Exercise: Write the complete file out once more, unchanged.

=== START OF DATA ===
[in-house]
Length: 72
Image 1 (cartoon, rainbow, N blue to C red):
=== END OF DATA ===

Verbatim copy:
[in-house]
Length: 72
Image 1 (cartoon, rainbow, N blue to C red):